PC based DVRs are easier to use, more flexible, and come with software that provides live view, remote access, and other administrative features that make your DVR more than just a recorder. One thing that makes PCs stand out over standalones is that you can add more cameras to this type of digital video recorder by using a different DVR card setup. However, one thing to keep in mind is that these units usually cost more than standalone DVRs because of the high performance components.
PC DVRs are essentially a standard PC with a DVR capture card installed to convert the video feed from your security cameras into a file to be stored on the hard drive. However, some people are under the misconception that any personal computer with a DVR card will do the job, but it isn’t a simple "plug and play" situation. Many crashes, system lock-ups, and instabilities can be blamed on computers that do not have enough processing power for handling multi-camera video processing.
Our PC-based DVR systems use name brand components and are hand-built by veteran CCTV technicians in our state-of-the-art lab. After a PC is built, a second technician performs a 72 point inspection of the system to ensure that every setting is correct before it is cleared to ship.
The surveillance system you get from ApexCCTV is preconfigured and plug and play ready so the only thing you need to do is connect the cameras to your DVR! Our PC DVR parts and labor are covered by a 1 Year Warranty and free lifetime technical support!
Standalone DVRs use Linux based operating systems that are designed to run just the DVR software. Standalone DVRs are not as feature-rich as their PC counterpart, but are a solid alternative for those less comfortable with PCs or for locations where a the use of a PC is inconvenient.
Our extensive line of standalone DVRs are versatile enough to cover most homes & small businesses with ease and come with software that provides live view, remote access, camera control and other administrative functions. However, some of the entry level models may not offer remote access.
Network Video Recorders (NVRs)
Network video recorders, or NVRs, are video recorders designed to function specifically with IP cameras. These systems feature high performance components that capable of processing video from numerous multi-megapixel cameras simultaneously.
For the most part, a NVR is very similar to a DVR except that an it does not need a pricey DVR capture card to record video. Because of that you will find that the PC based NVRs are a good deal less expensive than their DVR counterparts.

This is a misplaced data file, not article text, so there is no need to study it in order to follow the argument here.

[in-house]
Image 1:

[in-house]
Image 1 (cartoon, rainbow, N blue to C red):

Like our DVRs, every one of our PC based network video recorders uses name brand components and are hand-built by veteran CCTV technicians in our state-of-the-art lab. After the PC is built, a second technician performs a 72 point inspection of the system to ensure that all the settings are correct before it is cleared to ship. The surveillance system you get from ApexCCTV is preconfigured and plug and play ready so the only thing you need to do is connect the cameras to the NVR! Our PC NVR parts and labor are covered by a 1 Year Warranty!
Wired VS Wireless Security Cameras
Wired security cameras are the best choice since they provide the highest video quality, no interference, and are less expensive than wireless networks. They can be installed hundreds of feet away from the security DVR system without a tiny drop in performance. Figure 1.1 shows a typical connectivity diagram.
You do not have to power the camera locally with wired security cameras since siamese cable provides video and power in the same cable. This lets you connect your cameras to the DVR and power them remotely. We have a large inventory of wired security cameras and siamese cable pre-cut to commonly used lengths as well as on a spool. For runs longer than 700 Ft., we recommend using CAT5e cable and video balun connectors. Using this method, the video signal can be transmitted up to about 1,300 Ft.
Wireless cameras are rather expensive and not as reliable as wired systems. Most wireless systems are Line of Sight (LOS) so if any object , be it a swaying tree or a flock of birds, passes between the transmitter and the receiver, the wireless signal will be interrupted and your video quality will be affected. Remember that wireless security cameras still require power to operate so they will have to be powered locally.
Your first line and most important of defense is around the border of your property. If you can make thieves, vandals, burglars, or invading mongolians think twice about whether or not it's worth entering your property, you've already won. No one wants to be caught on camera doing something foolish or illegal, it's human nature.
Setting up a visible perimeter of security cameras or even setting up keycard / keypad access to your building will make sure that only the right people are allowed in. If someone is foolish enough to break in, then you've got them on camera and are ahead of the curve.
The main goal is to stop intrusion before it happens by turning away the threat.
Accessories often go overlooked because of how much focus is placed on the cameras and recording servers used in a security system. It's understandable, cameras and recorders can be expensive. It's hard not to focus on them.